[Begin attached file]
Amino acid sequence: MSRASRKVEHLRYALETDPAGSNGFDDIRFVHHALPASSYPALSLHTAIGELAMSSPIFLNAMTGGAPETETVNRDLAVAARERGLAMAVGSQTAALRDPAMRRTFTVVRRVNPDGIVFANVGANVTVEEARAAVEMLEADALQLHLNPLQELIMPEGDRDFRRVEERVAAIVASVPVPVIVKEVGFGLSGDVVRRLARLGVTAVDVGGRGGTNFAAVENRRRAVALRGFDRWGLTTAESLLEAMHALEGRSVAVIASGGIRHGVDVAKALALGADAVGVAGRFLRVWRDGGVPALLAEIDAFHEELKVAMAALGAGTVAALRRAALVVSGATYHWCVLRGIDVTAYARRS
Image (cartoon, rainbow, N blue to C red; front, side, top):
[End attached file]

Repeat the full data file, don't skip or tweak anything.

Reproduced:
Amino acid sequence: MSRASRKVEHLRYALETDPAGSNGFDDIRFVHHALPASSYPALSLHTAIGELAMSSPIFLNAMTGGAPETETVNRDLAVAARERGLAMAVGSQTAALRDPAMRRTFTVVRRVNPDGIVFANVGANVTVEEARAAVEMLEADALQLHLNPLQELIMPEGDRDFRRVEERVAAIVASVPVPVIVKEVGFGLSGDVVRRLARLGVTAVDVGGRGGTNFAAVENRRRAVALRGFDRWGLTTAESLLEAMHALEGRSVAVIASGGIRHGVDVAKALALGADAVGVAGRFLRVWRDGGVPALLAEIDAFHEELKVAMAALGAGTVAALRRAALVVSGATYHWCVLRGIDVTAYARRS
Image (cartoon, rainbow, N blue to C red; front, side, top):